In order to accomplish all the preceding, there was the necessity of incarnation. Brotherhood between God and man could never have been pronounced from heaven, or made possible on earth, without the demonstration of incarnation on the part of Deity. There had to be an eternal sacrifice on the part of the One who brought all flesh into existence. And since the flesh of bulls, sheep and goats are all created flesh, they could never be a satisfactory offering for the sins of humanity against God (See Hb 10:1-4). The offering of animals was insufficient because animals had no choice in their offering under the Sinai law. The incarnate Son of God, on the other hand, offered Himself (Ph 2:7). Of His own will He made a choice to transition between spirit and flesh in order to be a suitable offering for those who would later seek to transition into eternity.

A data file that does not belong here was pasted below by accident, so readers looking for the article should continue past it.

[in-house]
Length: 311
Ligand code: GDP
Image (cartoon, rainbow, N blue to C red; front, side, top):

Therefore, “since the children are partakers of flesh and blood, He also Himself likewise partook of the same.” This is the gospel of the incarnation. Before creation, the Father, Son and Spirit determined the totality of the gospel. Since God the Father, Son and Holy Spirit are love, then they had to create that which they could love. But in order for those of “flesh and blood” to respond sincerely with love to their Creator, they had to be created free to make all their moral decisions.